If a defense thinks this is coming, the CBs should switch to what is essentially a partial zone, and not follow the receivers. If you think you may have seen that before, you have. Champ Bailey's interception against the Patriots in the 2005 Divisional Playoff game came on virtually this exact route construction, and was forced by a good read by Champ to zone up, rather than follow the man across from him.
So what do you do if it's a zone? Well, you'd like Gaffney to read it as such, and break off the route outside of the inside CB, and post up just inside the goal line, making himself big for the throw. I would also run Hillis or Graham to the right flat, and think about throwing it there, because those guys can break a tackle.
e. Chris Baker once again looked really good, and I was pleased with what I saw from Lee Robinson in garbage time. He looks quick and active, and generally like the kind of backup LB I want on my football team.
f. Robert Ayers has taken a lot of criticism on MHR the past few days, and I don't think it is particularly warranted. I really like his physicality and effort, and the results will come, once he gets his technique refined, and his bearings with what is going on. It's way, way too early to judge him as a player. I believe that when it is all said and done, he will play a lot on running downs this year, and make his best contributions setting the edge. He has the best ability to do that of all the OLBs.
g. If Kenny McKinley doesn't know, he better ask somebody. The fumbled punt return was pretty bad, but the mishandled kickoff was worse, in my opinion, because nobody hit him there. He recovered fairly well, and made something of the return, but it was a lost opportunity. Mistakes like that are a good way to be a practice squad guy, or even get cut.
h. I didn't think Champ Bailey or Andre' Goodman had particularly great games, but they were still much better than the Broncos' CB performance in 2008. Goodman gave up two TDs, but particularly on the first one, he was in good position, and came very close to making the play, getting beaten by a great throw.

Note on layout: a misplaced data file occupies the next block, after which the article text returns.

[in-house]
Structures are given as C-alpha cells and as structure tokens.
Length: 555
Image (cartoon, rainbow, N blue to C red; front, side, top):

i. Kenny Peterson had a great game on Saturday. I hope he can keep that up, because getting some pressure from a 5-technique makes a defense really tough in passing situations.
j. The Broncos need to run the ball more and better than they did against Seattle. I said I would criticize Josh McDaniels, and here is some criticism. With no balance, you let defenses sit in zone and wait for you to throw it. Now, I think the key offensive goal on Saturday was to get Kyle Orton more comfortable, and with Knowshon Moreno out, you want to keep your other backs healthy, so I understand the situation, but the Broncos will need to run more as the season goes on.
3. Other games Thoughts & Observations:
a. James Davis is going to be the starting RB for the Browns by Week 5 if the Browns want to win more than a couple games this season. Davis was overshadowed some by C.J. Spiller in college, but he's a good player. Jamal Lewis is washed up, and can't be the workhorse for the Browns that he once was.
b. I liked seeing Tom Brady get hit. The only way to slow down New England is to hit Brady, and the Bengals seemed to have that idea in mind. Brady didn't look too great, incidentally.
c. Chase Daniel looked a lot better than Colt Brennan for the Redskins, and one of them is likely not to make the team. The smart money is on Brennan getting cut.